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Another Canada 93? Tory Sunak critics fear extinction-level election result | Conservatives

Another Canada 93? Tory Sunak critics fear extinction-level election result | Conservatives
Another Canada 93? Tory Sunak critics fear extinction-level election result | Conservatives


Overseas elections from more than 30 years ago are rarely hot topics of conversation in modern UK politics. But whisper “Canada 1993” into a Conservative MP’s ear and don’t be surprised if they break into a sudden cold sweat.

This is the model for the “extinction-level event” experienced by a previously dominant rightwing party – one that some Tory opponents of Rishi Sunak warn he risks emulating at the next general election.

The basic and, for Tory MPs, chilling facts are that in October 1993 the Progressive Conservative party, in power in Canada since 1984, slumped from 167 federal seats to just two, eventually leading to its dissolution and merger into the new Conservative party of Canada.

There are some curiously precise parallels: a complacent conservative incumbent that had recently ditched its leader (Kim Campbell replacing Brian Mulroney) was struggling with the economy and faced a new, insurgent rightwing party – called Reform.

Arguably the most pertinent common ground is the fact that Canada, like Westminster, uses first past the post (FPTP), a system that can greatly distort the way votes translate into numbers of MPs – in 1993 the Progressive Conservatives got 16% of the vote and ended up with less than 1% of the seats.

Could this happen here? Some on the right of the UK Conservatives, who want Sunak to more closely follow Reform UK’s harder-right populism on areas such as immigration, argue that without a change, of course it could.

Kim Campbell at the Progressive Conservative party leadership convention months before the 1993 Canadian election. Photograph: Tom Hanson/AP

Such warnings have grown since last week’s byelection losses in Wellingborough and Kingswood, previously Conservative seats won by Labour after a collapse in the Tory vote and Reform winning 13% and 10% respectively in each seat.

The scenario that more doom-laden Tories fear could tip a general election defeat into a calamity would be a further slip in the polls and Nigel Farage deciding to retake the helm of Reform before the election, boosting its support among disenchanted voters on the right.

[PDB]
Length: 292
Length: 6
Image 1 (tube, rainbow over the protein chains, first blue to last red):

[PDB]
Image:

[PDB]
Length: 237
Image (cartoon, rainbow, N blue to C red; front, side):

It is certainly true that while a post-election tally of two feels unrealistic, the vagaries of FPTP means it would not take a massive shift in polling for the total number of Tory MPs to drop dramatically.

The votes-to-seats modeller on the Electoral Calculus website shows that at current polling levels – 27% for the Conservatives, 43% for Labour, 10% for the Liberal Democrats, 9% for Reform, 7% for the Greens – the Conservatives would be reduced to 179 MPs.

However, in a scenario where Labour’s vote share increased by one percentage point to 44%, the Tories’ fell to 20%, with the other six points moving to Reform (now on 14%) and the Lib Dems (13%), and the Greens still on 7%, could result in just 55 Conservative MPs.

Such FPTP distortions can be amplified further by particularly efficient tactical voting and the vagaries of where votes are distributed.

There are a number of significant differences from Canada in 1993, however, including the near disappearance of the Progressive Conservatives’ representation in Quebec amid the rise of the separatist Bloc Québécois. In contrast, the Conservatives start at an already lower base in Scotland and, to an extent, Wales.

Keir Starmer welcomes the new Labour MPs Gen Kitchen (red jacket) and Damien Egan (behind Starmer) to the Houses of Parliament on Monday. Photograph: Aaron Chown/PA

Overall, most pundits do not believe a Canada-style wipeout will happen. “Never say never about anything in politics,” said Robert Hayward, a Conservative peer and psephologist. “But the only people who mention it are those who have a vested interest in exaggerating the potential for a possible defeat.”

Lord Hayward thinks it is unlikely that the Tories will win fewer than 100 seats, arguing that the rise of Reform could hamper Lib Dem appeal for anti-Tory protest voters. “I could foresee circumstances where something like that could happen. Do I think it will happen? No,” he said.

Anand Menon, the director of the thinktank UK in a Changing Europe and a professor of European politics at King’s College London, co-authored a 2022 study that examined the parallels with 1993. He argued that the situations were sufficiently different.

“On one level, anything’s possible,” he said. “My hunch is that the polls will narrow as we get to the election. With the Canadian case, you had a far stronger splintering of the right than we seem to have now, even with Reform’s performance last week.

“The other thing you’ve got to factor in, which builds into this uncertainty, is there is eye-watering levels of volatility amongst the British voting public at the moment, compared to any historical period.

“Some basic facts seem to me self-evident, which is that the Tories are in a really bad position and are heading towards a bad electoral defeat. But whether it’s what they call an extinction-level event, I doubt, to be honest.”



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